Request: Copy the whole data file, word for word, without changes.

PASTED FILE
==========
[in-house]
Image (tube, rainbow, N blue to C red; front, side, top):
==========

[in-house]
Image (tube, rainbow, N blue to C red; front, side, top):